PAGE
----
Stars: Jonathan J Joyce, Tammy Drewett, Anthony Harrell, Scot Haskins and Spencer Haskins
|This film was an official selection at the Jerome Indie Music & Film Festival in Jerome, AZ in 2013. Here's an index to my reviews of 2013 films.|
And I'm not sure I've quite got there yet, but there are a few facts to base our interpretations on. What we see is a man running around at night and, for the most part, we see things from his perspective. He tries to avoid all the normal people, who stand still in some sort of somnambulist state doing precisely nothing. He especially tries to avoid the strange folk in white masks who keep popping up wherever he least expects, folk who are certainly not oblivious to his presence in their midst. He finds a hiding place, but is eventually caught, only to escape again and again. We have no idea who this man is, where he is or why he's there. We have no idea who any of the other people are either, as there isn't a framework for us to build on. There's also no resolution, which is why I can theorise without any fear of providing spoilers; this is emphatically a film to watch half a dozen times with thoughtful company to see if you can understand what it's trying to tell us. Maybe it isn't telling us anything.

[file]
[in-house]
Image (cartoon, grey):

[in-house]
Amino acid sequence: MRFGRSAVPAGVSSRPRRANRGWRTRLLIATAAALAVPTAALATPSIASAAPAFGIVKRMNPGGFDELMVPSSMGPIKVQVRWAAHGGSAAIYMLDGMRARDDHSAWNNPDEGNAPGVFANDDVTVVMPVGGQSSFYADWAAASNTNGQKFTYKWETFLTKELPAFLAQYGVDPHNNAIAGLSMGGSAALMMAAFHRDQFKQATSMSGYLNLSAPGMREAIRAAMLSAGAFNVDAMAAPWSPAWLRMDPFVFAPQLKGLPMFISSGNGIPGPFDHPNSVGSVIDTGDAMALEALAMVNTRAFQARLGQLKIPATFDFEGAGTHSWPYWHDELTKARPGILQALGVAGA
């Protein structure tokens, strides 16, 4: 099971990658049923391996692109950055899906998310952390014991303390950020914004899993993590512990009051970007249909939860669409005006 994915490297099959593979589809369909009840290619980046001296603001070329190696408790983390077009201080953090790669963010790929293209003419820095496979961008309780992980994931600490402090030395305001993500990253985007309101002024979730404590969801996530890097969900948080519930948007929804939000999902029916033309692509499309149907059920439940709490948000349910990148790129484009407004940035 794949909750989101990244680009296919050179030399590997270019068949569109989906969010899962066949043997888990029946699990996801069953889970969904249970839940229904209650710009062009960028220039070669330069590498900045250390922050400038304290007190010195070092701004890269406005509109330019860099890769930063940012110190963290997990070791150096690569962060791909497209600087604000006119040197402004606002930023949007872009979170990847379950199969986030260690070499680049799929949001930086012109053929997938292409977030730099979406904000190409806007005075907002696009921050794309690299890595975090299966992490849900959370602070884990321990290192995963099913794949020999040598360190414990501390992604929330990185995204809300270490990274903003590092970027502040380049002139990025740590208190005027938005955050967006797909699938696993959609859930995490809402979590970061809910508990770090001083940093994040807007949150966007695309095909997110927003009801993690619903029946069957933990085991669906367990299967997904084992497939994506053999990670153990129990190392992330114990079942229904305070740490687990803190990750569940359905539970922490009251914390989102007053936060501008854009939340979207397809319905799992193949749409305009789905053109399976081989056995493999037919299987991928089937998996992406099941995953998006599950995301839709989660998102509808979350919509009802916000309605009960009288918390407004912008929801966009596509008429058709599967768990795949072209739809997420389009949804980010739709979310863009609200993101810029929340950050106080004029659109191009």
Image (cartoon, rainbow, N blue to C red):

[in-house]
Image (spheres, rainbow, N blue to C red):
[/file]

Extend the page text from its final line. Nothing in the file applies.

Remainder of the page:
Another plus is the style that director Anthony R Pisano and his crew conjure up. The concept of using masks may be a story element, but it's a visual one too. The first man in a mask we see is entering a room from the dark outside, which makes him look like a disembodied head for a moment. Positioning actors in patterns is a little freaky too, especially with the masks potentially doing the choreography. It reaches into our minds and triggers a surprising amount of reactions for something so short and vague. I also enjoyed the sound design, which sets up what could easily be listened to as dark ambient music. It's a combination of weird whispering, high pitched drones and a well timed tolling bell. The heartbeat that bookends the piece feels appropriate, as is the minimal theme by Jason McNeil that accompanies the end credits. I'm not going to pretend that I've figured this out yet but it did make me think and it's still doing that. I can even forgive the handheld footage. That must say something.
Alone can be viewed for free on YouTube.